“Call me old fashioned but I think public assets should be owned and managed by the government”

          That dosent work as those entities get invaded by taker time servers sanctioned by leftist and Socialist Administrations.

          Public ownership coupled with private contract management. is the way forward. A modification of the SOE system.

    • Kiers says:

      “State is broke”….THAT is the Trump/Koch/Devos plan with the deficits: break the bond market, break the muni bond market and let private capital collect bills and fines, do policing, do prisons, do schooling,…show up on your doorstep, issue parking tickets (with the Internet of Things), etc etc.

      It will happen in US. People will cheer.

  5. Maximus Minimus says:

    The privatization of government services seems to have the goal of creating off-balance sheet liabilities that will have to be put on the balance sheet all at once. Nice job. Who would’ve thought it could happen?

  6. Kiers says:

    2008: Banks collapse like House of Cards
    2018: Real economy collapsing, like a House of Cards.

    Added bonus, we have a sterling crop of leadership, best ever, to guide us through this. well done.

  7. Petunia says:

    Out sourcing firms do well when employment is suffering and workers are willing to work cheap. When wages start to rise and employment improves they can’t keep the cheap labor to sustain their contracts. It could be that their employees are going where the grass is greener. In order to keep employees during an upturn they have to pay more and they lose their edge.

    • Prairies says:

      This has nothing to do with high wages, unless you are implying dividends are wages. It is simply a case of greed similar to Carillion and Sears, they spend money now with funds that are supposed to be saved for tomorrow. Pension funds should never be under funded, since the employees tend to pay in with each pay cheque and don’t pull out the funds until they are no longer on the payroll.

      Greedy investors have grown accustomed to borrowing funds from anywhere at any time, they just assume they can pay off what they owe with more debt down the road. Now we see the alligators in the swamp now that the free flow of debt has dried up, and no one wants to jump in for them to feed off anymore.

      • Petunia says:

        I wasn’t defending them, only pointing out that outsourcing/temp firms have a different business cycle.

        Pension money doesn’t just come from workers, there is also an employer portion. The employer not paying their portion is one way plans land up underfunded.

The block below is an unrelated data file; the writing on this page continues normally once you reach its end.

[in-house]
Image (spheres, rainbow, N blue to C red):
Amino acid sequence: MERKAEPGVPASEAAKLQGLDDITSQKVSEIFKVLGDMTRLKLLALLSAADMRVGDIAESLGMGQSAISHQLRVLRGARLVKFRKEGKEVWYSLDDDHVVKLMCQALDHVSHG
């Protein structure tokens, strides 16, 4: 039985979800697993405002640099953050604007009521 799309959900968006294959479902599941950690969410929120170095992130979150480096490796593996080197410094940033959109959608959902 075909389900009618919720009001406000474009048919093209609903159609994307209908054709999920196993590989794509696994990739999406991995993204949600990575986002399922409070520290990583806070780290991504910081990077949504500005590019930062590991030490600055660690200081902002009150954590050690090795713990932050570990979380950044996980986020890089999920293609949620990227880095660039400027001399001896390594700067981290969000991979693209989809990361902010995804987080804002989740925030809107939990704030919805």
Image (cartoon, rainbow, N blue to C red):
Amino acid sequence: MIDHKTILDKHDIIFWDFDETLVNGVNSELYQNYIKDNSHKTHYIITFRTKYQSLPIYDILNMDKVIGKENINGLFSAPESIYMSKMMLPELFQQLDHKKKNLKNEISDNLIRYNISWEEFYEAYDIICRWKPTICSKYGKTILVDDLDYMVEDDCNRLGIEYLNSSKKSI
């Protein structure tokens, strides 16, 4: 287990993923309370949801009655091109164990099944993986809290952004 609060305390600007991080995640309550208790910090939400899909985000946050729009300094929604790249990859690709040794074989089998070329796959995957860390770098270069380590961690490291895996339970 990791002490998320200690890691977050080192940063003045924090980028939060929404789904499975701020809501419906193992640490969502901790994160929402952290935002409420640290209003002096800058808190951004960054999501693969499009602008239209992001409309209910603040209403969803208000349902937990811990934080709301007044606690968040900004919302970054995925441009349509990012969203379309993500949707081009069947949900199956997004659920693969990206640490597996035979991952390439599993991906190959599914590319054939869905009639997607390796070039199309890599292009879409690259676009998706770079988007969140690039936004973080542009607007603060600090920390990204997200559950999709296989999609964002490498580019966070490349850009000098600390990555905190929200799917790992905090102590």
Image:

• george mcduffee says:

          It would seem to be a simple fix to require that yearly pension fund liabilities must be paid before any dividends (or stock buy-backs) can occur, and that existing pension funding shortages are corrected.

          These funds are deferred wages, not a gift from management. Theft of wages is a serious felony, especially on this scale, as it indicates a criminal conspiracy.

        • d says:

          That is a good way to instantly bankrupt almost every democratic controlled state and city in America. Along with tne imploding said pension funds.

          It would have simular consequences in England. Mostly to Labour Controlled Councill’s.


          As legislation like that, can not be drafted, and apply only to the private sector.

        • mamamia says:

          “deferred wages” … you must be nuts.

          Municipal/state/federal employees retire at 55 on 65-100k a year with COLA and health for EVER and that is ‘deferred wages’???… I think you mean its government cheese … like Illinois/Dallas

  8. ML says:

    I think you will find BT’s pension scheme deficit has doubled to about 14Bn GBP in the past 2 years.

    Yet BT continues to pay a dividend.

  9. Sporkfed says:

    Rolling over debt in as rates rise becomes harder and harder.
    Borrowing to prop up the share price or to pay dividends
    is just looting from the inside.

  10. Maximus Minimus says:

    This on a week when the stock market cracked, which will drown out all other news. Don’t they know such news have to be put off till the weekend?

  11. Vichy Chicago says:

    The UK magazine Private Eye has been reporting on “Crapita” for years.

    I’m looking forward to their next issue for scathing analysis on this company and Whitehall.

  12. Rates says:

    United Krooks.

    Befits them.

    When they look under the books, half of London is probably owned by Russian oligarchs, the other half by other tax dodgers of various nationalities.

  13. raxadian says:

    Like I mentioned before this is business as usual. Privatisation of services the state offered, increase debt as much as possible then force the state to take charge of those services again.

  14. d says:

    The Labour outsourcing outfits are bottom feeders that low bid then underpay their Labouring staff. Forcing them to provide their own safety equipment.

    Even worse cutting safety and general working conditions, to the bone.

    The market is overfull of them, even among then bottom feeders it is time for consolidation. This dosent mean less Jobs for workers, only a few Administrators will loose out. As the work itself still has to be done.